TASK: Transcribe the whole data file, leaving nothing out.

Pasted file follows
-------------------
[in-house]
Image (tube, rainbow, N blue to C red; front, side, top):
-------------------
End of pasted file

[in-house]
Image (tube, rainbow, N blue to C red; front, side, top):